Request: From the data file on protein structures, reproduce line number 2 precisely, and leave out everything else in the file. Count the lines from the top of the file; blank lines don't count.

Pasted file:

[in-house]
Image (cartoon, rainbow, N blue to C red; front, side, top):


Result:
Image (cartoon, rainbow, N blue to C red; front, side, top):